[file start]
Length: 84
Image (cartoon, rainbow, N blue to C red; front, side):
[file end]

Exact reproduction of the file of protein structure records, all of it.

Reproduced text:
Length: 84
Image (cartoon, rainbow, N blue to C red; front, side):